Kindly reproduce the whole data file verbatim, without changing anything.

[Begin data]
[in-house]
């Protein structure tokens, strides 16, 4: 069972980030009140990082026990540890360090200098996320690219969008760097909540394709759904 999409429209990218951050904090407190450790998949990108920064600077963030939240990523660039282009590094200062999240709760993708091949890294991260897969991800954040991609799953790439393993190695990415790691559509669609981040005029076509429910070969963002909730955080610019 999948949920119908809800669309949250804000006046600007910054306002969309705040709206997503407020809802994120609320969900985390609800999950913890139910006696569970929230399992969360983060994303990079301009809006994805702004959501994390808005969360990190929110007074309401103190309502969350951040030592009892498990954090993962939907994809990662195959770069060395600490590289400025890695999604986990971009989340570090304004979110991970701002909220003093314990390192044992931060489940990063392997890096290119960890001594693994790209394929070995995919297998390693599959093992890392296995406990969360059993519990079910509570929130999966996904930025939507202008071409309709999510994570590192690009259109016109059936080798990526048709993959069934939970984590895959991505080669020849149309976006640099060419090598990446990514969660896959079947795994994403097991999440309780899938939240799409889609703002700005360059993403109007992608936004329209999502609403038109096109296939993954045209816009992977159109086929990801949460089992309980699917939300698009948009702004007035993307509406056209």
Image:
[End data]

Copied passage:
[in-house]
């Protein structure tokens, strides 16, 4: 069972980030009140990082026990540890360090200098996320690219969008760097909540394709759904 999409429209990218951050904090407190450790998949990108920064600077963030939240990523660039282009590094200062999240709760993708091949890294991260897969991800954040991609799953790439393993190695990415790691559509669609981040005029076509429910070969963002909730955080610019 999948949920119908809800669309949250804000006046600007910054306002969309705040709206997503407020809802994120609320969900985390609800999950913890139910006696569970929230399992969360983060994303990079301009809006994805702004959501994390808005969360990190929110007074309401103190309502969350951040030592009892498990954090993962939907994809990662195959770069060395600490590289400025890695999604986990971009989340570090304004979110991970701002909220003093314990390192044992931060489940990063392997890096290119960890001594693994790209394929070995995919297998390693599959093992890392296995406990969360059993519990079910509570929130999966996904930025939507202008071409309709999510994570590192690009259109016109059936080798990526048709993959069934939970984590895959991505080669020849149309976006640099060419090598990446990514969660896959079947795994994403097991999440309780899938939240799409889609703002700005360059993403109007992608936004329209999502609403038109096109296939993954045209816009992977159109086929990801949460089992309980699917939300698009948009702004007035993307509406056209």
Image: